Sunday 2nd June 2019
A totally biased book review for a Sunday evening.
Ribble. Celebrating the centenary of an iconic bus company
Roger Davies, the book’s author, is a good mate; I’ve known him for over forty years; our paths first crossed when we both worked in Kent in the 1970s with Maidstone & District/East Kent and he never ceases to impress me with his truly amazing memory and recollection of detail from all the bus companies he’s worked at, including Ribble.
Ray Stenning the book’s editor, designer and publisher is a great friend and passionate advocate for public transport; we enjoy many trips out together when I can entice him away from his amazing creative work for both the bus and rail industry through his renowned Best Impressions design and marketing company and the wonderful Classic Bus magazine he produces. (And he did a brilliant job designing my own book Pride & Joy almost ten years ago,)
Ribble. Mighty Ribble, as Roger D calls it in his introduction to the book, has always been regarded as one of the Premier League, all time bus company greats so any book marking its centenary this year is bound to hit the mark.
So, after declaring those vested interests let me affirm this newly published book will not disappoint. It’s a magnificent collection of superb photographs capturing the spirit of this iconic company rather than aiming to be a historic record of great authority, and for me, this angle makes for a very readable and enjoyable book which I devoured from cover to cover.The 194 page sturdy hard cover book contains 250 gorgeous photographs (150 in colour) but this is no album; readers of Ray’s Classic Bus magazine will know just how enticing he can make their presentation stand out on every page helped by Roger’s fascinating explanations and interesting background information together with nostalgic images of timetables, leaflets and other pertinent documents and of course a liberal supply of maps including a splendid double pager showing the full extent of Ribble’s vast operating territory stretching from Carlisle down to the Mersey.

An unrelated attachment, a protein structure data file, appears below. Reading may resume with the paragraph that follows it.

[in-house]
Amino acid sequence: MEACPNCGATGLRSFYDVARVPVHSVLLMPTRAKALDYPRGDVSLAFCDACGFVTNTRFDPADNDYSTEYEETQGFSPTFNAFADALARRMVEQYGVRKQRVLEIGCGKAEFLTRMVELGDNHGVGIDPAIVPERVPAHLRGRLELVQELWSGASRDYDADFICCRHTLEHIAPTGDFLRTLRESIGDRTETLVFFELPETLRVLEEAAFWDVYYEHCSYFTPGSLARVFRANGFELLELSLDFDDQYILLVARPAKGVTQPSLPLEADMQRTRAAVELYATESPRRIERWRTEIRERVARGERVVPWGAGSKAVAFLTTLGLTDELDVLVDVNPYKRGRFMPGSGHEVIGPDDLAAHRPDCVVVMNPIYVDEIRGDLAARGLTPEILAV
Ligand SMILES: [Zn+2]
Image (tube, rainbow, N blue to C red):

Roger and Ray have divided the book into thirteen themed chapters including how Ribble expanded through acquisition; joint operations; unique characteristics of the company; it’s people (at its height employing 5,500 in 1956); it’s operating area; it’s innovations including express routes and many other subjects all well explained in introductory paragraphs.
There are some amazing Roger Davies type factoids including an Easter Monday at Blackpool’s Coliseum coach station in 1953 when the famous and frequent X60 to Manchester needed 213 duplicates to get everyone home with the last passengers being got away by midnight – that would have surely featured on social media if Twitter had been around 66 years ago!
Of course there’s coverage of the infamous 555 route through the Lake District as well as the landmark Gay Hostess vehicles and not forgetting the Leyland National with battery trailer – way ahead of its time of course.
There’s a chapter on Ribble’s incredible property portfolio including 80 operational bases, 73 offices, 12 bus stations as well as residential properties and not least the central works at Frenchwood which was run very much on military lines with Roger explaining the quirky rules and regulations that applied to employees based there.
Roger explains “the company had a cohesiveness, from single or small bus depots like Kirkoswald and Appleby in Cumbria to huge ones like Bootle and Preston, and over it all a family atmosphere pervaded. It is impossible to sum it all up.” Actually, Roger’s book sums it up superbly and is highly recommended.
The book retails for £38 but a special offer of £35 including postage and packing is available at the Classic Bus magazine website. Don’t miss out. Hurry while stocks last.
I used to run a bus company but in retirement am a full time passenger travelling all over Britain enjoying its splendid scenic delights by bus and train. Currently social distancing at home.